Now then. Do I know it all? No. Will I get everything right in this book? Very effing doubtful. No one gets everything right. However, I do believe that the vast middle class of the United States and a good portion of the poor and rich at either end will agree with a lot of what I have to say. Why? Because I honestly believe I make sense for the most part, while our Congress and bureaucrats and governors and mayors and other officials have somehow lost the ability to do the same thing, for the most part.

Think of America as a small city. From a distance, say flying in an airplane or driving on an elevated highway, it looks bright and peaceful and pretty and prosperous. Land your plane or get out of your car and look closer though and you'll find that what you were seeing was only a facade, a front. Inside, the infrastructure is crumbling, the help do their jobs in a half-assed manner while grumbling and the management is corrupt or inept or both. The city council and mayor use their positions to give contracts to their friends. Some of them simply take bribes and let it go at that. The honest ones are powerless to change anything. The budget looks fine until you examine the city debt. It is far beyond the means of its citizens to pay. Instead, they add to the deficit and forget that their kids and grandkids will be obligated for it. The police force tries but again there are some who aren't honest. If they are honest they may be brutal. It isn't their fault. If they try to make an arrest they're likely to get mobbed. If anything goes wrong, especially if the arrestee belongs to a minority, you can be sure protests will follow and riots are likely to follow that, resulting in burned out shops and businesses, frequently belonging to the minority who thought one of their members was wronged. You can be absolutely sure that the media will play up the brutality of the poor policeman who was simply trying to arrest a wrongdoer, and never mention those burned businesses whose owners will now be without the means to support themselves, and the neighborhood will be without a place to shop. If the owners rebuild they'll find a more receptive part of the city to do it in.

Look further into the workings of that little city. The municipal employees and firemen and policemen are unionized and have used that clout to get politicians to provide pay and retirement benefits that will eventually bankrupt the city. We're seeing it more and more frequently these days. And more about the employees: while most are reasonably honest, I doubt you'd find a one who hasn't taken something belonging to the city home for his or her own use. For example, I once worked at a hospital where the employees were stealing so many of the ball point pens that the administration was forced to remove the caps from every one that was requisitioned. I've read that one of the biggest costs of businesses is pilfering by employees, and the second biggest is from shoplifters.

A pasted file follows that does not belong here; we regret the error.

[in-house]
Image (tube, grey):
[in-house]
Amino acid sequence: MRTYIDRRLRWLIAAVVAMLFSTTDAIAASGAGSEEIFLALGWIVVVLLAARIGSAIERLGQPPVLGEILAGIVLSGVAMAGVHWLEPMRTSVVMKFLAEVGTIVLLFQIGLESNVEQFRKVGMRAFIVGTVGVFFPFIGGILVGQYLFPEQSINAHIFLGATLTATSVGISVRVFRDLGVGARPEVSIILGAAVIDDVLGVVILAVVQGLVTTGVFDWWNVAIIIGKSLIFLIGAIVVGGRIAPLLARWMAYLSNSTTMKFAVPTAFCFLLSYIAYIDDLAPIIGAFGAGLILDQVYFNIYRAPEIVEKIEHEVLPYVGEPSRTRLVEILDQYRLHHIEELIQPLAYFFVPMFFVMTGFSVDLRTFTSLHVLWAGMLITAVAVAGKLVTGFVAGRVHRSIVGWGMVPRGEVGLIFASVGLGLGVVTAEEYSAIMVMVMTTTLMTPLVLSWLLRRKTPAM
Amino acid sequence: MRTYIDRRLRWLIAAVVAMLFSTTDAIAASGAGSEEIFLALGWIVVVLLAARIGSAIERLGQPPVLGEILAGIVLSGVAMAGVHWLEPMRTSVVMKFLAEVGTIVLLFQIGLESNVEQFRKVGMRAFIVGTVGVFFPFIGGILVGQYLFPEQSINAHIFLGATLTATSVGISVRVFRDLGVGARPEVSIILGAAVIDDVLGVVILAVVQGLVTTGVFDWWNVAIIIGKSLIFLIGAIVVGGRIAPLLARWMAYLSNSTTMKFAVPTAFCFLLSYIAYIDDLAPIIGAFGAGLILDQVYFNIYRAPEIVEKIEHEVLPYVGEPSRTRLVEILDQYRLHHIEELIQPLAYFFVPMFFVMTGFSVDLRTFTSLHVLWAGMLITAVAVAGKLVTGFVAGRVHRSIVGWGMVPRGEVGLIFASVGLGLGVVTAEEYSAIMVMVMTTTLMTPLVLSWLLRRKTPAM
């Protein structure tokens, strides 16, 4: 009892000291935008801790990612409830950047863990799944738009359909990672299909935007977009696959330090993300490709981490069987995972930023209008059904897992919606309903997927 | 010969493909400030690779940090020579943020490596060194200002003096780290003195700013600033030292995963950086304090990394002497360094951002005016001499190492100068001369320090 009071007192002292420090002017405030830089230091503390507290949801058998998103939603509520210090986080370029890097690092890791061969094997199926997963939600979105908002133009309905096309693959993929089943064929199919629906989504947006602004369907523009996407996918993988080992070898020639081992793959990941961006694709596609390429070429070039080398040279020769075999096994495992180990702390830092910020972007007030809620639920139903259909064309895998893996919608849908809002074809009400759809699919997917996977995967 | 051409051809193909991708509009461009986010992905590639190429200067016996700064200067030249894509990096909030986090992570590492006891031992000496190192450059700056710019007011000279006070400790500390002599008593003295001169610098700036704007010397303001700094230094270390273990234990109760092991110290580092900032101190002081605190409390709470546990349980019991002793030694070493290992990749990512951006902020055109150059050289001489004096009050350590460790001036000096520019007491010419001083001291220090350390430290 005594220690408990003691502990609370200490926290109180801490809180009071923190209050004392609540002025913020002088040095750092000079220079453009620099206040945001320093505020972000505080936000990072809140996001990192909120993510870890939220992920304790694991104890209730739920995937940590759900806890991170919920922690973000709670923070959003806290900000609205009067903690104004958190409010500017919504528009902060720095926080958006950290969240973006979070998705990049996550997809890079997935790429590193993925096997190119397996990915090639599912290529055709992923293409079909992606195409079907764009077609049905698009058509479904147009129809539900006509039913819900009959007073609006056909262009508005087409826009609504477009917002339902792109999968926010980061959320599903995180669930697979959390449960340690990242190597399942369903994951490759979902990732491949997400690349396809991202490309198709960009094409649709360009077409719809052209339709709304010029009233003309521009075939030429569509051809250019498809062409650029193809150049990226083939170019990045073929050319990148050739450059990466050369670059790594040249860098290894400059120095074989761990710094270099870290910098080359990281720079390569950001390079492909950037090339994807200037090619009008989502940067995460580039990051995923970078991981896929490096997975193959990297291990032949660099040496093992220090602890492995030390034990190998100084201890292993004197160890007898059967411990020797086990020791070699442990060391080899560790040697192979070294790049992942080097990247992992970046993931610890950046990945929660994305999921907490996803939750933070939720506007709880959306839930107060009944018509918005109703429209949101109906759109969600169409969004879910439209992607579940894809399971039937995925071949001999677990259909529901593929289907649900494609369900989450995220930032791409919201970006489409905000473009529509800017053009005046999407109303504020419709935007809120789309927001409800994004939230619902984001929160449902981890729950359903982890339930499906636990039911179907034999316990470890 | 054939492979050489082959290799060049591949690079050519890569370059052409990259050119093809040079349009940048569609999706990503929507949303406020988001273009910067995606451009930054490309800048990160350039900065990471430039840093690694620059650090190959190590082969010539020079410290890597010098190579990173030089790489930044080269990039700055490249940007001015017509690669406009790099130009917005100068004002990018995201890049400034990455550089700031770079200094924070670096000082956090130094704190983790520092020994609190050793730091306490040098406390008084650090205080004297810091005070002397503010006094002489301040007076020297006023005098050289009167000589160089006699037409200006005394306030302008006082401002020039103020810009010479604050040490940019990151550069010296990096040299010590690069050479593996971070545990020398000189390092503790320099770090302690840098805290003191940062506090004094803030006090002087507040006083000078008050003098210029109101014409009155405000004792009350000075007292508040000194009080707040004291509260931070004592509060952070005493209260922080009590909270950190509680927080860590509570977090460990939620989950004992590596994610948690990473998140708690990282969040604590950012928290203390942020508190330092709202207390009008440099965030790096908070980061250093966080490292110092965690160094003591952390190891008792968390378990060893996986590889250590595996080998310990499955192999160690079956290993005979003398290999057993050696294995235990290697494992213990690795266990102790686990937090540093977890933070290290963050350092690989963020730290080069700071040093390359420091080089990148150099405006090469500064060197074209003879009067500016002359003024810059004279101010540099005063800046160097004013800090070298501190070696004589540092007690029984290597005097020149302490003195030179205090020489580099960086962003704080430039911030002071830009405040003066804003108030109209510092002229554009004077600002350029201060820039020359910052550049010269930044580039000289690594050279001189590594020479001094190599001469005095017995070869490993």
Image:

Go into the schools and examine the lists of equipment they are supposed to have on hand. You'll find missing laptops, missing tools, missing goods and supplies, all taken by fine, upstanding citizens you'll meet in church if you happen to attend. Teachers who dearly love their students and want to teach them will instead be forced to teach the kids how to pass standardized tests. When they're not doing that they are forced by rules and laws to give an inordinate amount of their attention to the kids with ADHD, autism, sub-par intelligence, or just the misbehaving kids who were never taught right from wrong by their two parents--if they have two. All too frequently they don't. It's sad.

Take a walk and talk to the citizens of that little city. Many of them won't talk to you. Why? They're in the country illegally. They are illegal aliens but the city is forced by laws to support them by giving them schooling and free medical care. All they have to do is show up at a hospital. They drive around without insurance despite the fact that the city is forced to give them driver's licenses.